$\displaystyle 2y^2-2x^2+0=0$
evaluate y' at given point (-2,-2)
What is this called?
How would I do it?
The relation $\displaystyle y^{2} - x^{2}=0$ defines in implicit form a function $\displaystyle y= f(x)$ and its derivative in a point $\displaystyle (y_{0},x_{0})$ can be obtained from a well known explicit formula...
Kind regards
$\displaystyle \chi$ $\displaystyle \sigma$
If You have a function $\displaystyle y(x)$ implicity defined as...
$\displaystyle f(x,y)=0$ (1)
... its derivative in a point $\displaystyle (x_{0},y_{0})$ is...
$\displaystyle y^{'} (x_{0}) = - \frac{f^{'}_{x} (x_{0},y_{0})}{f^{'}_{y} (x_{0},y_{0})}$ (2)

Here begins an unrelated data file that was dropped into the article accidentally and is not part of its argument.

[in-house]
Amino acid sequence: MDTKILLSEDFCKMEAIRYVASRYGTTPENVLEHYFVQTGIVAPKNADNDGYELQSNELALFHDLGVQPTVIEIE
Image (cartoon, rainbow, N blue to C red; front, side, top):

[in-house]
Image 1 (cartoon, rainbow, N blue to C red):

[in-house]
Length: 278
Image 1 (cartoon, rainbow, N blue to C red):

In Your case is $\displaystyle f(x,y)= y^{2} - x^{2}$, $\displaystyle x_{0}=-2$, $\displaystyle y_{0}=-2$, so that is $\displaystyle y^{'} (-1) = 1$. A more simple solution for this particular case is to write (1) as $\displaystyle y^{2}=x^{2}$ so that $\displaystyle y(x)= \pm x$. The 'right' $\displaystyle y(x)$ passes from the point $\displaystyle (-2,-2)$ so that is $\displaystyle y(x)=x$ and $\displaystyle y^{'} (x)=1$...
Kind regards
$\displaystyle \chi$ $\displaystyle \sigma$
I've manged to get the answer 1.
But that was only a lucky guess steming from the research I did on this website.
http://www.math.ucdavis.edu/~kouba/CalcOneDIRECTORY/implicitdiffdirectory/ImplicitDiff.html